Page:Fair Circumvention.djvu/30

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[Vol. 74:1
BROOKLYN LAW REVIEW

DMCA closely track the remedies available for copyright infringement.[1] The DMCA’s anti-circumvention provisions were enacted alongside provisions creating new defenses to claims for copyright infringement.[2] Both Congress and the President justified the enactment of the DMCA as a necessary measure to deter copyright infringement.[3] The statute gives authority to craft exceptions from its liability provisions in part to the Register of Copyrights.[4] Even the placement of the statute within the United States Code carries colorable significance: although an early version of the legislation that became the DMCA proposed to “move[] the anti-circumvention provisions out of Title 17” on the grounds that “these regulatory provisions have little, if anything, to do with copyright law,”[5] the eventual inclusion of the anti-circumvention provisions alongside the rest of the federal copyright law

  1. Compare id. § 1203(b)(1) (2006) (authorizing a court to grant temporary and permanent injunctions to prevent or restrain a DMCA violation), with id. § 502(a) (2006) (authorizing courts to award injunctive relief to prevent or restrain infringements of copyright); id. § 1203(b)(2) (authorizing a court to impound any device or product it finds was involved in a DMCA violation) with id. § 503(a) (authorizing courts to seize and impound property believed to have been used in infringements of copyright); id. § 1203(c)(2) (authorizing a court to award actual damages for violations of the DMCA) with id. § 504(b) (2006) (authorizing award of actual damages to copyright holders injured through infringements of copyright); id. § 1203(c)(3) (authorizing a complaining party to elect to recover statutory damages any time before final judgment on a DMCA violation) with id. § 504(c)(1) (authorizing award of statutory damages to a copyright owner for copyright infringement violations); id. § 1203(c)(5)(B) (authorizing a court to reduce or remit an award of damages when it finds a library, archives, education institutions or public broadcasting entity innocently violated the DMCA) with id. § 504(c)(2)(i)-(ii) (authorizing reduction in statutory damages awards against innocent infringers, and the remitting of all statutory damages where the copyright infringement was committed by a nonprofit archive, library, educational institution, or public broadcaster, or the employees of such institutions).
  2. The anti-circumvention provisions of the DMCA were added in Title I of the legislation. See Digital Millennium Copyright Act of 1998, Pub. L. No. 105-304, § 103, 112 Stat. 2860, 2861-77. Title II enacted what is now 17 U.S.C. § 512, creating a new statutory immunity from liability for copyright infringement for internet service providers in certain circumstances. See id. § 202, 112 Stat. at 2877-84. Title III of the statute amended 17 U.S.C. § 117 to provide a new defense to claims for copyright infringement arising from computer maintenance or repair, superseding court decisions such as MAI Systems Corp. v. Peak Computer, Inc., 991 F.2d 511, 518-19 (9th Cir. 1993). See Digital Millennium Copyright Act of 1998, Pub. L. No. 105-304, § 302, 112 Stat. 2860, 2886-87. Title IV of the statute made various other modifications to the Copyright Act. See id. §§ 401-407, 112 Stat. at 2887-2905. The only portion of the DMCA as enacted that is arguably unconnected with copyright is Title V, in which Congress created a form of sui generis intellectual property protection for the design of boat hulls, superseding the Supreme Court’s decision in Bonito Boats, Inc. v. Thunder Craft Boats, Inc., 489 U.S. 141, 143 (1989). See supra note 163.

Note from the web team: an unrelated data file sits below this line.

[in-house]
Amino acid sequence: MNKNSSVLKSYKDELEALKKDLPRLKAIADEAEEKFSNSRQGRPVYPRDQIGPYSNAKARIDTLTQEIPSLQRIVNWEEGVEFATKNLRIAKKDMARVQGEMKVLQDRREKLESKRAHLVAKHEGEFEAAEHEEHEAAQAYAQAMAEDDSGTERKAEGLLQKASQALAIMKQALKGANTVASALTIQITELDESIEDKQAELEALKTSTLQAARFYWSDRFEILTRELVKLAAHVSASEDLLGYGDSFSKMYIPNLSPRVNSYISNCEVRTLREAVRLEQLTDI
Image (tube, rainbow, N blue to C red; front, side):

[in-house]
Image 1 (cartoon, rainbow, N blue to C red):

3. See Statement on Signing the Digital Millennium Copyright Act, 2 Pub. Papers 1902, 1903 (Oct. 28, 1998) (“Through enactment of the Digital Millennium Copyright Act, we have done our best to protect from digital piracy the copyright industries that comprise the leading export of the United States.”); S. Rep. No. 105-190, at 2 (1998) (“[T]he law must adapt in order to make digital networks safe places to disseminate and exploit copyrighted materials.”); id. at 8 (“Due to the ease with which digital works can be copied and distributed worldwide virtually instantaneously, copyright owners will hesitate to make their works readily available on the Internet without reasonable assurance that they will be protected against massive piracy.”); H.R. Rep. No. 105-551, pt. 2, at 25 (1998) (“[T]he digital environment poses a unique threat to the rights of copyright owners, and as such, necessitates protection against devices that undermine copyright interests.”).
  4. 17 U.S.C. § 1201(a)(1)(C); see also supra note 28.
  5. H.R. Rep. No. 105-551, at 23-24.